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Canine athletes burn energy at a tremendously higher rate than sedentary dogs. Their potential to maximize performance often relates to receiving an appropriate balance of energy nutrients based on the energy demands of the sport in which they compete.

“Dogs that perform endurance sports generally need a food in which fat makes up more than 50 percent of the energy in the diet to help increase stamina and maximize energy production,” says Richard Hill, M.A., Vet. M.B., Ph.D., assistant professor of clinical nutrition at the University of Florida. “Dogs that sprint also appear to require increased fat in the diet, but the energy needed for sprinting is small and it is unclear whether sprinting dogs require more than about 32 percent of the energy in the diet from fat.”

Though their sports and training programs vary, canine athletes typically are hardworking dogs that average more than 20 minutes a day in strenuous exercise four or five times a week, says Purina Nutrition Scientist Arleigh Reynolds, D.V.M., Ph.D. “Hardworking dogs have a different metabolic makeup than other dogs. To begin with, they have more lean muscle, which leads to an increase in their basal metabolic rate. Endurance dogs rely heavily on fat for energy and can become very deficient in utilizing fat. Even lean dogs store 50 times as much energy in fat as carbohydrate.”

Owners of competition dogs generally strive to feed diets that not only satisfy nutritional and energy requirements but also provide nourishment for physical stress and optimal performance. Regardless whether a dog competes in endurance sports, such as bird dog, coonhound or beagle tracking events, or sprint sports, such as lure coursing or racing, owners must consider several variables in their effort to give their dog a competitive edge.

Environmental Considerations
Environmental conditions can have a dramatic effect on body temperature and a dog’s energy expenditure. “In warm environments, the heat generated by work must be dissipated to maintain body temperature within acceptable limits,” Reynolds says. “This results in panting, which takes significant energy.”

Maintaining energy balance in dogs that exercise in warm environments can be challenging due to the cost of cooling and the fact that warm weather decreases food intake. Because a large portion of energy use goes toward maintaining a constant body temperature, changes in ambient temperature affect the amount of energy needed for warmth or cooling. Generally, an increase in air temperature of 10 degrees Fahrenheit is associated with a 5 to 7.5 percent decrease in food intake.

However, the greatest energy expenditure measured in dogs was observed in Alaskan huskies performing in a long-distance race in temperatures averaging minus 35 degrees Celsius. These dogs consumed about 10,600 kilocalories a day, while their energy expenditure was estimated at about 11,200 kilocalories — seven times greater than their maintenance energy requirement.1

Energy Nutrient Distribution
Optimal dietary energy nutrient distribution is different for hardworking dogs, Reynolds says. Endurance dogs benefit from high-fat diets — those containing from 50 to 70 percent fat — because fat increases energy intake due to its density and palatability. In addition, high-fat diets fed during training help to alter a dog’s metabolism so that it is better able to utilize fat and spare limited carbohydrate sources.1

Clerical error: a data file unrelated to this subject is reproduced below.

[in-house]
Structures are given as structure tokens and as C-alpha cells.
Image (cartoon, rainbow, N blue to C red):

Protein is important to help reduce the risk of training anemia. One study showed that endurance dogs fed 19 percent of their calories as protein suffered significantly more injuries, had decreased oxygen uptake and fewer red blood cells than dogs fed diets containing 24, 32 or 40 percent protein. Dogs fed 40 percent protein had the highest circulating plasma than any group throughout training, showing that the increase in nutrient needs associated with exercise cannot be met with a low-protein diet.1

In a study of racing greyhounds, Hill found that a diet containing higher fat and protein and lower carbohydrate increased performance. “We compared a 32 percent fat, 25 percent protein and 43 percent carbohydrate diet to one with 25 percent fat, 21 percent protein and 54 percent carbohydrate,” he says. “These greyhounds ran an average of 0.2 seconds faster — the difference between winning and losing a race — when fed the diet containing higher fat and protein and lower carbohydrate.”

Feeding only fat and protein as energy sources is not enough. Without adequate carbohydrate, hardworking dogs could be at risk for depleting stores of muscle carbohydrate known as glycogen. “It is questionable whether dogs running in multiple heats on a single day or over several consecutive days adequately replenish their muscle-glycogen stores,” Reynolds says. “We determined that an immediate post exercise carbohydrate supplement helps to promote more rapid muscle glycogen repletion in the first four hours of recovery.”

Achieving Top Performance
Regardless of the sport in which a dog competes, an owner can help his or her dog handle physical stress by feeding a complete and balanced diet that provides an optimal mix of energy nutrients. Dogs generally are able to channel energy demands in a positive and healthy way if they are provided adequate nutrition and the right energy balance to help them achieve top performance. Highly active dogs benefit from a diet with a high percent of calories from fat. Less physically active dogs may respond better to carbohydrate as a primary energy source. ©

1. Reynolds AJ. Energy Metabolism and Substrate Utilization in Dogs. Purina Nutrition Forum Proc., St. Louis, 1998, p.126-128.
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